High sugar consumption linked to increased risk of premature aging in childhood cancer survivors

Survivors of childhood cancer who consumed more total sugar, added sugar, and sugar-sweetened beverages had more aging-related health conditions than survivors who consumed less sugar, according to results presented at the AACR Special Conference: Aging and Cancer, held November 17–20.

Children with cancer are often treated with harsh regimens such as chemotherapy and radiation, which can damage growing tissues and cause health problems later in a survivor’s life. One pattern that researchers have recognized is the propensity for childhood cancer survivors to develop aging-related health conditions at a younger age than the general population.

“Childhood cancer used to be a fatal disease, but with recent advances in treatment, childhood cancer survivors live much longer than they used to,” explained Yikyung Park, ScD, an associate professor of surgery at the Alvin J. Siteman Cancer Center of the Washington University School of Medicine and senior author of the study.

“They develop aging-related health conditions at a much earlier age and a much higher rate,” Park continued. “We wanted to understand if there are any modifiable factors we can target to delay this significant problem.”

High consumption of sugar has been linked to a variety of health problems, including obesity, cardiovascular disease, and diabetes, which pose increased risks as individuals age. Researchers have also found signs that sugar can accelerate mechanisms of aging, such as inflammation.

“Childhood cancer survivors are a very vulnerable population,” said Tuo Lan, Ph.D., a postdoctoral research associate at Siteman Cancer Center, who will present the study. “We were interested in seeing whether sugar intake had the same effect or a more severe effect on premature aging in childhood cancer survivors compared with the general population.”

Lan and colleagues identified 3,322 patients from the St. Jude Lifetime Cohort—a research study that monitors childhood cancer survivors throughout adulthood—who provided information about their typical diet using a food frequency questionnaire. The researchers extracted data about survivors’ daily intake of total sugar, added sugar, and sugar-sweetened beverages.

They assessed the survivors’ risk of premature aging using the Deficit Accumulation Index (DAI), a collection of 45 aging-related health conditions such as heart attack, stroke, and arthritis. DAI score was assessed as the ratio of existing health conditions to the number of conditions included in the index; survivors with a DAI less than 0.2 were considered low-risk, survivors with a DAI of 0.2–0.34 were considered intermediate-risk, and survivors with a DAI greater than or equal to 0.35 were considered high-risk.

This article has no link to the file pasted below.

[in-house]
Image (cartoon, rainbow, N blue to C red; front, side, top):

For each 25 grams of sugar consumed per day, survivors in the intermediate-risk group had a 24% increased risk of premature aging, and survivors in the high-risk group had a 30% increased risk of premature aging. Each 25 grams of added sugar increased intermediate-risk survivors’ risk by 19% and high-risk survivors’ risk by 23%.

The impact of sugar-sweetened beverages on premature aging risk was especially strong for high-risk individuals; those who consumed two or more drinks per day had a 6.71-fold higher risk of premature aging compared to those who consumed less than one drink per week. The increased risk related to sugar-sweetened beverages was 54% among intermediate-risk individuals.

Lan and Park hope that this research will set the stage for future studies into the mechanisms by which sugar contributes to premature aging risk, as well as how those processes are potentially accelerated in childhood cancer survivors.

“Everyone should limit their sugar intake. Considering cancer survivors are more vulnerable, they should especially limit their sugar intake,” Lan said.

“Cutting down sugar is not always easy,” Park said. “We need to find a way to help cancer survivors maintain healthier dietary habits to support their overall health.”

Limitations of this study include the cross-sectional nature of the analysis, which obscures whether sugar intake caused the increase in premature aging risk or vice versa.

At the conference, Park will present a related study, using the same cohort, about the effects of dietary habits beyond sugar intake on the risk of premature aging. In this study, she and her colleagues found that childhood cancer survivors who regularly consumed a so-called “fast food” diet—including a high intake of sugar—had a higher risk of premature aging than childhood cancer survivors who ate a more plant-based diet.